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Eden Prairie or Columbia/Ellicott City? You be the judge

Yesterday I wrote about Money Magazine’s list of its best small cities to live. Eden Prairie, Minn., edged out Ellicott City/Columbia for first place thanks to attributes like “gently rolling hills,” “plenty of outer beauty” and other idyllic, Midwestern traits of the type long chronicled by writers like Garrison Keillor.

But consider:

1. The magazine says one of the headlining reasons the Minnesota town wins is because it has “a dynamite economy.”  But then it turns around and says not only does Ellicott City/Columbia have a jobless rate “just as enviable as Eden Prairie’s,” but it is an “economic powerhouse.”  I’m not sure how dynamite compares quantitatively with a powerhouse, but by Money Magazine’s standards, the difference is apparently a measly .1 percent.  Come on.  Negligible at best.

2. Ellicott City and Columbia’s primary employers are those of the future –- technology, intelligence, nerd stuff.  Stuff that requires advanced degrees and people who actually, not figuratively, are rocket scientists.  Eden Prairie’s big jobs, according to the magazine, are trucking, manufacturing hearing aids, and football.  Really?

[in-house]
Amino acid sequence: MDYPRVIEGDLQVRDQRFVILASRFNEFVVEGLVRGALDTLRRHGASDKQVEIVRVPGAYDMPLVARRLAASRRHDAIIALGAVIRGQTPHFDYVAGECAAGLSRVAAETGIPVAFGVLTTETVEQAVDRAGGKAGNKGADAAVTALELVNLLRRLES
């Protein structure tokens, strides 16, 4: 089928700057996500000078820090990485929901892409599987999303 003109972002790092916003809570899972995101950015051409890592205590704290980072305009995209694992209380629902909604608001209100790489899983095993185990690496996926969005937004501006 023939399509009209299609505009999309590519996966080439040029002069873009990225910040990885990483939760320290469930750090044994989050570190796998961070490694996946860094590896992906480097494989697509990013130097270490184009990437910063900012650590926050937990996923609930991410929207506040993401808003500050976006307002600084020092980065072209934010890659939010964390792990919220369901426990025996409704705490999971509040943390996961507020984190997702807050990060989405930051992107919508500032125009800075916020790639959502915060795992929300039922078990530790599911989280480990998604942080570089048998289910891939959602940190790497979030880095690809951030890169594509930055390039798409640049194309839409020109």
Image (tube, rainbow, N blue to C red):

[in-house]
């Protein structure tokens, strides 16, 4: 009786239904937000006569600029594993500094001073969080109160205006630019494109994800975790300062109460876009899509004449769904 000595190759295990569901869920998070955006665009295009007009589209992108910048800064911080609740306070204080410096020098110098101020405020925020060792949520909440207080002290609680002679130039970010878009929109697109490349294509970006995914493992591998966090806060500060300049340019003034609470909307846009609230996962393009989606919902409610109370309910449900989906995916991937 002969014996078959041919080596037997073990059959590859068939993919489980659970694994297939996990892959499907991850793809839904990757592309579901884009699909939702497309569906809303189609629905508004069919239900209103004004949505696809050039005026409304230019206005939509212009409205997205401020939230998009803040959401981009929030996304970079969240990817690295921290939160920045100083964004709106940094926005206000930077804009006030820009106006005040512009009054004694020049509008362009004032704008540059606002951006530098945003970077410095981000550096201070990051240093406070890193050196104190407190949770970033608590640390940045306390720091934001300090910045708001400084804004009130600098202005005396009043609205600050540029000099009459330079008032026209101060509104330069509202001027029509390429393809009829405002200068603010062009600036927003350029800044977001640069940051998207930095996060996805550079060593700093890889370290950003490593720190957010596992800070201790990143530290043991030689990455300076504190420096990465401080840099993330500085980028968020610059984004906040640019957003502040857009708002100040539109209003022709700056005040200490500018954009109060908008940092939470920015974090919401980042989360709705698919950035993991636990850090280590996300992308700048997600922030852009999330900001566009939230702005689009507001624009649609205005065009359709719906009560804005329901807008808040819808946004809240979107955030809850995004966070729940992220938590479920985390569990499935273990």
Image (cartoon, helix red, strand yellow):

3. Ellicott City/Columbia is diverse.  Eden Prairie, like much of Minnesota is not.  Money Magazine even gives a nod to the 17 percent black and 14 percent Asian population of the former, while delicately not mentioning minorities in the latter piece (though there’s a nice photo of two white kids and a dog).

4. Our sales tax is lower.

5. We have more restaurants, bars, and museums in the area –- more than five times as many as Eden Prairie for the last category.  They win for the number of movie theaters, but that’s just anti-social.

6. And finally, our average low temperature in January is a chilly 22.7 degrees; theirs is an Arctic 3.7.  We may have swampy summers, but no one likes a Midwest winter.

Not even you, Money Magazine.